Wenas Creek falls within the lands ceded to the Confederated Tribes and Bands of the Yakama Nation, Washington in the Yakima Treaty of 1855. Published ethnographic information confirms that the area surrounding Wenas Creek was culturally affiliated with the Yakama (Swanton 1952, Daugherty 1973, Schuster 1998, Mooney 1896, Ray 1936, and Spier 1936). Furthermore, the Confederated Tribes and Bands of the Yakama Nation, Washington have identified site 45-YK-51 as part of their traditional occupation area from pre-contact times and within their aboriginal territory. The Si'la-hlama band of the Yakama people occupied the area along the Yakima River between Wenas Creek and Umtanum Creeks (Swanton 1952). The Lower Yakima bands were also associated with the area (Schuster 1998). Descendants of the Si'la-hlama and Lower Yakima bands are members of the Confederated Tribes and Bands of the Yakama Nation, Washington.

Officials of the Burke Museum and Central Washington University have determined that, pursuant to 25 U.S.C. 3001 (9-10), the human remains described above represent the physical remains of one individual of Native American ancestry. Officials of the Burke Museum and Central Washington University also have determined that, pursuant to 25 U.S.C. 3001 (3)(A), the 68 objects described above are reasonably believed to have been placed with or near individual human remains at the time of death or later as part of the death rite or ceremony. Lastly, officials of the Burke Museum and Central Washington University have determined that, pursuant to 25 U.S.C. 3001 (2), there is a relationship of shared group identity that can be reasonably traced between the Native American human remains and associated funerary objects and the Confederated Tribes and Bands of the Yakama Nation, Washington.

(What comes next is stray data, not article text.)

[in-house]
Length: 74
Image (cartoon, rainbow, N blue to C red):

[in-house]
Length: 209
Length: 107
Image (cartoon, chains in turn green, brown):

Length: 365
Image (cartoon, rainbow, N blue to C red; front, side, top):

Representatives of any other Indian tribe that believes itself to be culturally affiliated with the human remains and associated funerary objects should contact Dr. Peter Lape, Burke Museum, University of Washington, Box 353010, Seattle, WA 98195-3010, telephone (206) 685-2282 and Lourdes Henebry- DeLeon, NAGPRA Program Director, Central Washington University, Department of Anthropology and Museum, Mailstop 7544, Ellensburg, WA 98926, telephone (509) 963-2671 before March 12, 2007. Repatriation of the human remains and associated funerary objects to the Confederated Tribes and Bands of the Yakama Nation, Washington may proceed after that date if no additional claimants come forward.

The Burke Museum is responsible for notifying the Confederated Tribes and Bands of the Yakama Nation, Washington; Confederated Tribes of the Colville Reservation, Washington; Confederated Tribes of the Umatilla Reservation, Oregon; and Confederated Tribes of the Warm Springs Reservation Start Printed Page 5996of Oregon that this notice has been published.

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Dated: January 11, 2007

Sherry Hutt,

Manager, National NAGPRA Program.

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[FR Doc. E7-2067 Filed 2-7-07; 8:45 am]